Tool steels are varieties of steel, that because of their hardness, grindability, ability to hold an edge, and wear resistance, are excellent for tool making. These tool steels are often used in applications such as stamping dies, metal cutting tools, shear blades, punches, etc.

There are six general categories of tool steel:

  • Water hardening – also referred to as W-type steel because they are water quenched.
  • Cold-work – further divided into these groups:
    • Oil hardening – also referred to as O-type steel because they are oil quenched.
    • Medium alloy air hardening – also referred to as A-type steel because they are air hardened.
    • High carbon-chromium¬†– also referred to as D-type steel, typically containing 12% chromium and more than 1.5% carbon.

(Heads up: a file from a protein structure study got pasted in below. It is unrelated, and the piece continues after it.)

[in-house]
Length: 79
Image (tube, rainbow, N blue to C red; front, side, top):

• Shock resisting – also referred to as S-type steel because of their ability to withstand shock.
  • High speed – also referred to as T-type and M-type steels, ¬†including CPM powder metal, are used in high-speed applications.
  • Hot-working ¬†– also referred to as H-type steel because they are able to resist softening and heat checking at high heat for extended periods of time.
  • Special purpose – include these and others:
    • Plastic mold steels – also referred to as P-type steel
    • Low alloy special purpose – also referred to as L-type steel